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Beit She'an National Park

Beit She'an National Park © Oren Rozen
Beit She'an National Park © Oren Rozen

Beit She'an was established in the 5th century BC. Its hilltop location made the settlement strategically valuable, meaning that many over the centuries sought to conquer it. It was the seat of Egyptian rule before falling to the King of Assyria, and was later resettled as a Hellenistic city during Alexander the Great's time.

A period of conquests followed until the Romans returned the city to its former residents. It prospered during the time of Hadrian and experienced its golden age after the Bar Kochva revolt. Numerous buildings were constructed during this time and the residents enjoyed a period of peaceful coexistence.

Beit She'an's face changed markedly after Christianity was declared the Roman Empire's official religion in the 4th century AD. This was followed by further conquests until an earthquake left the city in ruins. Settlements later sprang up around the ruins and the area received an influx of people after the establishment of the State of Israel.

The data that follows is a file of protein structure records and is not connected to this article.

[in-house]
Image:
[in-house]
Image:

Today, this thriving city lies around the remains of an ancient centre. The Roman theatre, Byzantine bathhouse, Roman street and colonnade, and the amphitheatre used for gladiatorial battles are Beit She'an's most notable ruins.

Visitors should budget between two and four hours to see the park properly.

Address: The Beit She'an National Park is located in the city of Beit She'an.